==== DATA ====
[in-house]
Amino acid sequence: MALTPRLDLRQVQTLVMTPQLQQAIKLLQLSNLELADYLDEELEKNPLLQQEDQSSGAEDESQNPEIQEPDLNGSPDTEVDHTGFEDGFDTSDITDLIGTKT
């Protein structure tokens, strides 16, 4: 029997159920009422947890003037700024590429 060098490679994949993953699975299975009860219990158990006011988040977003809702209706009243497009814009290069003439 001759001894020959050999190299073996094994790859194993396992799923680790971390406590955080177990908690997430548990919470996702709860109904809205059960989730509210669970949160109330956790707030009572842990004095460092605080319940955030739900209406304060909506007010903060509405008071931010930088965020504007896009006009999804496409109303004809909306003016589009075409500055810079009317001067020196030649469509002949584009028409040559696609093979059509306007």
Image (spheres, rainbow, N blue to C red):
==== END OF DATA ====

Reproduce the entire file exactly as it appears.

[in-house]
Amino acid sequence: MALTPRLDLRQVQTLVMTPQLQQAIKLLQLSNLELADYLDEELEKNPLLQQEDQSSGAEDESQNPEIQEPDLNGSPDTEVDHTGFEDGFDTSDITDLIGTKT
């Protein structure tokens, strides 16, 4: 029997159920009422947890003037700024590429 060098490679994949993953699975299975009860219990158990006011988040977003809702209706009243497009814009290069003439 001759001894020959050999190299073996094994790859194993396992799923680790971390406590955080177990908690997430548990919470996702709860109904809205059960989730509210669970949160109330956790707030009572842990004095460092605080319940955030739900209406304060909506007010903060509405008071931010930088965020504007896009006009999804496409109303004809909306003016589009075409500055810079009317001067020196030649469509002949584009028409040559696609093979059509306007």
Image (spheres, rainbow, N blue to C red):